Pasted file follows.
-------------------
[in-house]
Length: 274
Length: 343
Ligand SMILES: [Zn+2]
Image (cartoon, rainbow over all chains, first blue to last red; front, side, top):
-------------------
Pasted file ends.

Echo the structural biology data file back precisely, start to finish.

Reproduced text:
[in-house]
Length: 274
Length: 343
Ligand SMILES: [Zn+2]
Image (cartoon, rainbow over all chains, first blue to last red; front, side, top):